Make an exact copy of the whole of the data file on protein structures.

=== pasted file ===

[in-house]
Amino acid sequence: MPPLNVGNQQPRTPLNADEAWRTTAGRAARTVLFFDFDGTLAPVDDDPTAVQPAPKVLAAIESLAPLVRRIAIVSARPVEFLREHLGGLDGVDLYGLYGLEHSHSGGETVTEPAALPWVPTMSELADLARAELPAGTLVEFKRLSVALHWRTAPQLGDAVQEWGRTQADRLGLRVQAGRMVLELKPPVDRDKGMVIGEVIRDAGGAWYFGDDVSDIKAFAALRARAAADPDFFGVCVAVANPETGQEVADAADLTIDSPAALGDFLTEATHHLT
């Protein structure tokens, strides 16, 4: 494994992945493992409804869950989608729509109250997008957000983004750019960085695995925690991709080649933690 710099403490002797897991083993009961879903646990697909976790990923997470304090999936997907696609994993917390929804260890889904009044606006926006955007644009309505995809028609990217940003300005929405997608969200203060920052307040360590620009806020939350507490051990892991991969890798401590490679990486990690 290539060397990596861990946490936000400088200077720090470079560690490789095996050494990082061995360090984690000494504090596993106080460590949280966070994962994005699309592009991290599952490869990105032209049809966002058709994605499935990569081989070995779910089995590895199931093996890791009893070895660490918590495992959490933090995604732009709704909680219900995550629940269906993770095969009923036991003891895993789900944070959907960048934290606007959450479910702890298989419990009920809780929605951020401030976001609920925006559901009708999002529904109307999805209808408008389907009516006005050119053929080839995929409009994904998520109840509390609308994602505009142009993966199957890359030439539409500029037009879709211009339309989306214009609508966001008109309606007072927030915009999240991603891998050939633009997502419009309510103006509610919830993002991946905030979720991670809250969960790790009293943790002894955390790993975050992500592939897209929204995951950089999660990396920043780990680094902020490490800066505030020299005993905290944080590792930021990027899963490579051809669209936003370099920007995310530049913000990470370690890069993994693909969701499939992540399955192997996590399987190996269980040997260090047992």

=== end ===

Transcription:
[in-house]
Amino acid sequence: MPPLNVGNQQPRTPLNADEAWRTTAGRAARTVLFFDFDGTLAPVDDDPTAVQPAPKVLAAIESLAPLVRRIAIVSARPVEFLREHLGGLDGVDLYGLYGLEHSHSGGETVTEPAALPWVPTMSELADLARAELPAGTLVEFKRLSVALHWRTAPQLGDAVQEWGRTQADRLGLRVQAGRMVLELKPPVDRDKGMVIGEVIRDAGGAWYFGDDVSDIKAFAALRARAAADPDFFGVCVAVANPETGQEVADAADLTIDSPAALGDFLTEATHHLT
């Protein structure tokens, strides 16, 4: 494994992945493992409804869950989608729509109250997008957000983004750019960085695995925690991709080649933690 710099403490002797897991083993009961879903646990697909976790990923997470304090999936997907696609994993917390929804260890889904009044606006926006955007644009309505995809028609990217940003300005929405997608969200203060920052307040360590620009806020939350507490051990892991991969890798401590490679990486990690 290539060397990596861990946490936000400088200077720090470079560690490789095996050494990082061995360090984690000494504090596993106080460590949280966070994962994005699309592009991290599952490869990105032209049809966002058709994605499935990569081989070995779910089995590895199931093996890791009893070895660490918590495992959490933090995604732009709704909680219900995550629940269906993770095969009923036991003891895993789900944070959907960048934290606007959450479910702890298989419990009920809780929605951020401030976001609920925006559901009708999002529904109307999805209808408008389907009516006005050119053929080839995929409009994904998520109840509390609308994602505009142009993966199957890359030439539409500029037009879709211009339309989306214009609508966001008109309606007072927030915009999240991603891998050939633009997502419009309510103006509610919830993002991946905030979720991670809250969960790790009293943790002894955390790993975050992500592939897209929204995951950089999660990396920043780990680094902020490490800066505030020299005993905290944080590792930021990027899963490579051809669209936003370099920007995310530049913000990470370690890069993994693909969701499939992540399955192997996590399987190996269980040997260090047992």